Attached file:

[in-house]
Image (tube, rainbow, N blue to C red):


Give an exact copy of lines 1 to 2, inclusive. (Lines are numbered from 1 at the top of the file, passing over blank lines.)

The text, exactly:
[in-house]
Image (tube, rainbow, N blue to C red):